Marketers Are Using Instagram More Than Snapchat Right Now: Here's Why.
Free Book Preview No BS Guide to Direct Response Social Media Marketing
If you’re a bit on the older side (like me) you might feel like all the cool kids are on Snapchat. They’re foregoing Instagram, particularly in its post-acquisition by Facebook era. However, businesses and marketers disagree.
According to Whit Walker, a category manager at Fiverr who specializes in social media, there are a number of reasons why Instagram is preferred over Snapchat in this particular market. For starters: “The mass adoption of the two platforms is entirely different, and so are the audiences,” he says.
Millennials, a huge demographic, know that it’s relatively easier to connect with both their parents and younger Generation Z siblings on Instagram. However, Snapchat has been struggling with attracting baby boomers and Generation Y, says Walker.
Looking at the sheer size of the platforms, it’s easy to see that Instagram is in the lead. The platform boasts more than double the Snapchat user base on a daily basis with over 400 million users compared to Snapchat’s 150 million. Here’s more on why Instagram is preferred by marketers at this time.
A tale of two platforms.
Social media is still a vital part of almost any businesses’ marketing plan. From 2016 to 2017, there was 255 percent growth. Clearly, social media is highly valuable to companies and popular to consumers, but when it comes to using Snapchat or Instagram, the nature of each platform is a key concern.
“Instagram is permanent and concrete while also being more discoverable,” Walker says. He stresses the importance of hashtags on the service, which make “it easier for brands to grow a following, find their niche, discover influencers,” and so on.
Then there’s Snapchat, which tends to be more temporary. People don’t find it as easy to “discover” on this platform, which can be an immense barricade for businesses. According to Fiverr, people search Instagram 12 times more than Snapchat in that company’s marketplace.
Walker says this isn’t shocking. He points out that Instagram’s structure makes it organically “service-oriented.” For example, “anyone can advertise on Instagram for $10 or less and target people within a certain niche or demographic.”
It’s a user-friendly, and very affordable, “Ad-words” model that’s popular on a number of social media platforms. For marketers, it’s been an effective way to gain discovery and build a following. Snapchat also offers advertising, but for now it’s earmarked just for major brands with deep pockets such as CondeNast, NBC and Hearst.
Instagram’s innate permanent nature gives it the marketing advantage over Snapchat’s ephemeral nature—although that exact attribute is what makes Snapchat so attractive particularly to younger audiences.
Different advantages with either service.
Instagram remains the steady preference for both small businesses and entrepreneurs, those who need and thrive on accessible and affordable advertising. With a tight budget, there’s no way such businesses are going to have the funds for a Snapchat-level ads. They’re after a reasonable ROI along with engagement, share-ability, measure-ability, and getting discovered. For now, that’s what Instagram provides.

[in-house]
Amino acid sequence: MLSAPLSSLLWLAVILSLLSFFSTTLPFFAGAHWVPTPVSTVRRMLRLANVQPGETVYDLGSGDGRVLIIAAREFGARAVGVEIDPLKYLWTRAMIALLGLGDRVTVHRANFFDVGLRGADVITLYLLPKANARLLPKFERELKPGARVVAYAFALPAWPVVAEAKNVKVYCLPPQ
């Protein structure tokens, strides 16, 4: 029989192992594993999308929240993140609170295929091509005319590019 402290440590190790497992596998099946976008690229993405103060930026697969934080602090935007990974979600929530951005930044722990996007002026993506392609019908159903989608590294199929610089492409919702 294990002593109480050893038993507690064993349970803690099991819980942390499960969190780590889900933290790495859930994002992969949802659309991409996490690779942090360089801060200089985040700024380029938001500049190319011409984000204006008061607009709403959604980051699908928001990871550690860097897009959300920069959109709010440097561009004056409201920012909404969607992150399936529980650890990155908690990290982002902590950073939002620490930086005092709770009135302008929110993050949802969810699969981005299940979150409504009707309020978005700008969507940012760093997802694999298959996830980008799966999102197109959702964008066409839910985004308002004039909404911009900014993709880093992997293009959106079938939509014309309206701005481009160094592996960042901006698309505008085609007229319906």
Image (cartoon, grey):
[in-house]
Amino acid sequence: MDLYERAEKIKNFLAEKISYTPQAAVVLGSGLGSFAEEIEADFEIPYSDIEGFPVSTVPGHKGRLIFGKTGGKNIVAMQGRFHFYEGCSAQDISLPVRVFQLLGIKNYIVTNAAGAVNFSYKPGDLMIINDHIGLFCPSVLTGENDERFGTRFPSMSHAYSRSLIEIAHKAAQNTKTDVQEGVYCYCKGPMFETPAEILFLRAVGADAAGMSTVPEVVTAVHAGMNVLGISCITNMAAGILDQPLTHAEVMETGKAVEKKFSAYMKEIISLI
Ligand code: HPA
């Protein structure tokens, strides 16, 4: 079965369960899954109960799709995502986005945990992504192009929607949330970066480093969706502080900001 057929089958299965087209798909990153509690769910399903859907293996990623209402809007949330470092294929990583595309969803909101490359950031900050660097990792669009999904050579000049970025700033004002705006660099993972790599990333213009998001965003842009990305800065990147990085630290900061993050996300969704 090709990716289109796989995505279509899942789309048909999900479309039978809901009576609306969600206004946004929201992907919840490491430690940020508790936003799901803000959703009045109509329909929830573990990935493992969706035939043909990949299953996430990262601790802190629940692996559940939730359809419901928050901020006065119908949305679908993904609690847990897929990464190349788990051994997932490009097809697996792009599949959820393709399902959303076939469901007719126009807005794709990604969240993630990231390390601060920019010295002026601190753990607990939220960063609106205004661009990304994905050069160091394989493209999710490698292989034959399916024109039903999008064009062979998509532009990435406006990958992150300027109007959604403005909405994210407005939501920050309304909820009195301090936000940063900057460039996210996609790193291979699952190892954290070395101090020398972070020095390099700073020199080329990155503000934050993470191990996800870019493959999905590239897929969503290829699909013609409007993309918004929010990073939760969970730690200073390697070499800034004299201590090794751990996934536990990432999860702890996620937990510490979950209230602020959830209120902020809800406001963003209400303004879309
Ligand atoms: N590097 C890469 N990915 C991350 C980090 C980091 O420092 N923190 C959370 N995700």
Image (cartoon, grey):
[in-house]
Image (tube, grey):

On Fiverr, there are six times more Instagram services than Snapchat services. This is just a reflection of the demand. On both mobile platforms, the kinds of services being tapped vary slightly. On Snapchat, the primary services sold are going to custom geo-filters for events.
“You can imagine how these appeal to a much smaller niche of businesses for very specific ‘moment in time’ use cases,” says Walker.
With Instagram, the services are much more varied. There are account management services such as post scheduling and follower engagement, marketing strategy services including advising and hashtag recommendations, along with photo editing, budgeting and content creation. There’s a myriad of potential sub-services, such as advising on which influencers to engage with and audience targeting for ads.
Diverging user base trajectories.
Perhaps the biggest story around these services is related to the launching of Instagram Stories last year. The feature, which is more or less an exact replica of Snapchat Stories, dramatically impacted Snap’s user growth. In the period of time after Instagram launched the feature, Snapchat growth slowed 82 percent.
A Delmondo survey found a 40 percent decrease in unique viewers when analyzing over 21,000 Snapchat Stories from July to November 2016. This was the window of time right before Instagram Stories were released. Now that Snapchat is opening up ads to smaller businesses, that might help boost revenues and users, but of course only time will tell.
Meanwhile, Instagram shows no signs of slowing. 2017 is projected by eMarketer to be the year when over half of all social media users will be on Instagram.
Forrester Research reports that Instagram brand engagement is currently 10 times higher than Facebook's, and a whopping 84 times higher than Twitter's. Snapchat, as you may imagine, didn’t even make it the comparison list. Does this mean your business should avoid Snapchat? No, not when the company is about to release small business ads, and not if it’s been favorable to you so far. However, it does suggest that if you’re not nurturing your Instagram account, you may want to make that a priority.